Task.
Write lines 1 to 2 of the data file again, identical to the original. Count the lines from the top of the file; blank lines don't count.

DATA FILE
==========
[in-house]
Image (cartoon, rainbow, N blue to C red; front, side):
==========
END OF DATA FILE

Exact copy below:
[in-house]
Image (cartoon, rainbow, N blue to C red; front, side):